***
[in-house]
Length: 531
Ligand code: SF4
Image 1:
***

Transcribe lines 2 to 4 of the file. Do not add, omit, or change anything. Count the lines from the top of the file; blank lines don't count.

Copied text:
Length: 531
Ligand code: SF4
Image 1: